The HSNO Act assigns enforcement roles to a number of agencies. Enforcement agencies warrant suitably qualified enforcement officers to carry out their enforcement responsibilities. While the Authority may appoint enforcement officers, or authorise others to do so, the principle role of the Authority is supervision of the inspection and enforcement of the overall regime.
Enforcement – who does what?
The HSNO Act assigns responsibility for enforcement in various places to the following agencies:
|Department of Labour||In any place of work|
|Energy Safety||In, at, on or around any distribution system, gas installation or gas appliance|
|Land Transport New Zealand||Any motor vehicle, any road, any rail vehicle or any railway line|
|Police||Any motor vehicle, any road, any rail vehicle or any railway line|
|Civil Aviation Authority||Aircraft and aerodromes|
|Maritime New Zealand||Ships|
|Ministry of Health||Where it is necessary to protect public health|
|Territorial Authorities||In or on any premises in the district of the territorial authority other than those premises specified above, or on or on those premises specified above where the function, power or duty is transferred to them by another section 97 agencyIn or on those premises specified above where they are on those premises for the purpose of enforcing the provisions of the RMA|
|Regional Councils||In or on those premises specified above if they are on those premises for the purpose of enforcing the provisions of the RMA, or in or on those premises specified above if the function, power or duty is transferred to them by another section 97 agency|
How are overlaps in responsibility for enforcement handled?
There are clearly overlaps in the distribution of responsibilities, and potential either for duplication of effort, or gaps. The HSNO Act addresses this by allowing agencies to transfer all, or some, of their powers, functions or duties to another enforcement agency. The enforcement agencies are expected to reach agreements with each other on ‘boundary issues’ also.
If you are not certain which agency is responsible for enforcement on your premises you should contact the local office of the agency which most closely matches your circumstances. For a list of contacts see Agency Contact List.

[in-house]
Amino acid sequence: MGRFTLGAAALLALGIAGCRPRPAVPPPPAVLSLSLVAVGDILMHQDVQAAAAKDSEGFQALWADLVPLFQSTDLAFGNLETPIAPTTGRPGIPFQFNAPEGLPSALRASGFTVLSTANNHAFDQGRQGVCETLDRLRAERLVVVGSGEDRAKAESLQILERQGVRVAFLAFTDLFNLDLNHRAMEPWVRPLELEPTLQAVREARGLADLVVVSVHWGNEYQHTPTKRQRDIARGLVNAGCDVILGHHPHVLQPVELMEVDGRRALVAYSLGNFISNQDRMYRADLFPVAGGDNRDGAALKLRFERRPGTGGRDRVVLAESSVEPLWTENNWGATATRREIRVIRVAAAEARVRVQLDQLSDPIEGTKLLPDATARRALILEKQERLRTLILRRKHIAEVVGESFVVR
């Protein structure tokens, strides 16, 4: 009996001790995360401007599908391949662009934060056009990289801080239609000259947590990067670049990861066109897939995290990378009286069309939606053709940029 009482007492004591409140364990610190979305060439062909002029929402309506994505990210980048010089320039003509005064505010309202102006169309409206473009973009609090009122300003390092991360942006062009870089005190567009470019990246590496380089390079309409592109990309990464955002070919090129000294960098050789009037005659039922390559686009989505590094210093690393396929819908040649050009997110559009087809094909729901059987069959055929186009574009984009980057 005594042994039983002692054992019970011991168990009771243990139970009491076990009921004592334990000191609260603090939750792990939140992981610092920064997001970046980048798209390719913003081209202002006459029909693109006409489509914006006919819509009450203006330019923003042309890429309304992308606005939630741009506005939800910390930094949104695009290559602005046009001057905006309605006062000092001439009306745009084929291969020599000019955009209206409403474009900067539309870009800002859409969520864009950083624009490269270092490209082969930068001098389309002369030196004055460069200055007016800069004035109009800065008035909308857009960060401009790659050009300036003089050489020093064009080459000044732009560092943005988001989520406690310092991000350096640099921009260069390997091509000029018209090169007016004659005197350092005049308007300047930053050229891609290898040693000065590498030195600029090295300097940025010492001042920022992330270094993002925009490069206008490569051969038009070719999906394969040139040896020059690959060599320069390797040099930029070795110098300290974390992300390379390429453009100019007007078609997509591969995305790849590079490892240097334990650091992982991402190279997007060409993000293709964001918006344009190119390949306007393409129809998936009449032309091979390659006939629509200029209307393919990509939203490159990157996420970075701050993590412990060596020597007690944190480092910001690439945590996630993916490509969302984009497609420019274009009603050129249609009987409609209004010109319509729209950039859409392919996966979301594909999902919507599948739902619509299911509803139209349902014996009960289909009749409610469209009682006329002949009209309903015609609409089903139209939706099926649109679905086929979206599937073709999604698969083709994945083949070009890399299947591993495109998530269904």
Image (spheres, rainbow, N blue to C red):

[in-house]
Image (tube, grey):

What happens in workplaces?
Compliance with the HSNO Act in workplaces will be particularly important because this is where hazardous substances are most commonly used. OSH has primary, but not sole, responsibility for enforcing HSNO in places of work. OSH is developing relationships with other agencies to achieve an efficient inspection and enforcement system. Partnership arrangements with territorial authorities are being developed where those authorities are willing to undertake HSNO inspections along with their otherduties.
For further information you can contact your local DOL branch or
Department of Labour
PO Box 3705
Tel: +64 4 915 4444
Fax: +64 4 499 0891
Environmental Risk Management Authority’s Role
ERMA New Zealand does not carry out the enforcement of the HSNO Act – this is the role of enforcement agencies.
However, the Authority has a supervisory role in enforcement, and it can appoint enforcement officers. Enforcement agencies must report to the Authority annually on their enforcement intentions, and the Authority in turn reports to the Minister for the Environment.
The Authority also lets agencies know where it considers insufficient or unnecessary enforcement is in place. The Authority has produced a Guide to the HSNO Act for Enforcement Agencies that sets out its expectations for inspection and enforcement services. In the case of an incident or emergency, the Authority may conduct an inquiry and also report on incidents caused by inadequate management of hazardous substances. For further information see Quick guide to Enforcement and Compliance from our publications section.
For further information see Compliance FAQs.